Additive Manufacturing

          Additive Manufacturing

          Automotive and aerospace companies are in a constant race to increase energy efficiency and design flexibility, lower production and service costs and reduce manufacturing cycle time while ensuring the reliability and safety of their products. For many of these companies, additive manufacturing (AM) looks like the solution to all of these market demands. Additive manufacturing is a process where metallic powder is formed into a solid state through melting or sintering. Most common melting techniques consist of scanning a laser (Direct Laser Selective Melting, DLSM) or electron beam (Electron Beam Melting - EBM) across subsequent layers of metal powder in a printer’s “powder bed” to build up a final, finished AM part. The technique is also known as powder bed fusion or LPBF. 

          However, many companies find that the move from prototyping to production with AM is challenging. To get defect-free, repeatable results requires process characterization and QA/QC controls that are unique to AM. Bruker has unmatched experience and breath of solutions to help maximize AM Profits.

          Correctly specifying and monitoring the chemical and mechanical properties of metal powders used in the AM process is absolutely critical. Inclusions, voids, porosity variation as well as changes is mechanical properties (hardness, brittleness) can result from improper alloy use and contamination of incoming, stored and recycled powders. Bruker has an extensive portfolio of equipment to for characterization and QA/QC of metal powders including: X-Ray Fluorescence (XRF) analyzers, Combustion Gas Analyzers (C, S) and Inert Gas Fusion – Mass Spectrometry (O, N, H, Ar) instruments.

          The AM printing process itself, if not properly characterized, can also be a source of a wide range of defects. For material extrusion techniques, an optimum balance needs to be found between scanning speed, laser or electron beam power (extrusion speed and temperature for wire) and bed thickness. To characterize the AM process and monitor witness samples during production and after finishing steps (heat treatment-HIP, milling and grinding/polishing), Bruker offers an unmatched suite of products for dimensional, chemical and mechanical testing and analysis.

          Contamination of parts during printing can be an underappreciated issue. Diffusible hydrogen must be controlled to prevent hydrogen embrittlement of the printed part and residual argon content in the printed parts can impact down- stream processing steps. Bruker’s Inert Gas Fusion – Mass Spectrometry systems are critical tools to monitor H and Ar in your process.

          Critical to the structural integrity, performance and fit of the final AM produced part are its bulk and surface properties. Bruker’s Micro Computed Tomography (μCT) 3D microscopy scanners provide quantitative identification of volume porosity, inclusions, cracks and printing defects in the bulk or on the surface and highlight differences between the as-printed part, post-machined part and the CAD model at internal and external surfaces.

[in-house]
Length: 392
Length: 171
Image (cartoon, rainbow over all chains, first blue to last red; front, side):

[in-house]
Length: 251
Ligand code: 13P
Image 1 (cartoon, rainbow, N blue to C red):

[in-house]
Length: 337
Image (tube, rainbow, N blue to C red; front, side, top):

X-Ray Diffraction (XRD) analyzers are widely used in AM process development to identify causes of dimensional instability like austenitic phase transformations in ferrous alloys and to identify sources of residual stress. Compressive surface stress indicates long lifespan and tensile surface stress can lead to premature part failure.

          Bruker’s industry leading 3D Optical profilers are common throughout industry and provide fast, non-contact surface profiling of nano to micron scale surface features. Surface cracks, pits, voids and other defects can be characterized so that process issues can be traced down and eliminated. Critical dimensions of milled features of the 3D printed part can be verified. Surface roughness (Sa), waviness and texture that impact both down-stream processing steps and product performance in the application for which it was designed can be monitored easily.

          For AM process development and failure analysis, Bruker mechanical testing and portfolio of analysis tools provide unique insight. Our Nano Indentation (NI) systems provide precise, high-resolution microstructure property analysis and quantitatively map mechanical properties as a function of processing parameters.

          To ensure the finished parts can meet the rigorous demands of Automotive and Aerospace applications, Bruker’s Universal Mechanical Tester (UMT) offers a comprehensive solution for compressive tribology. With a broad range of application modules, you can characterize printed and finished part hardness, wear rates & resistance and sensitivity to friction and load to ensure process integrity and identify issues.

          To extend your SEM/TEM analytical power, Bruker also provides Electron Microscope Analyzers (EMA) including the world’s leading portfolio of analytical software and analyzers for advanced materials research, process development and failure analysis laboratories.

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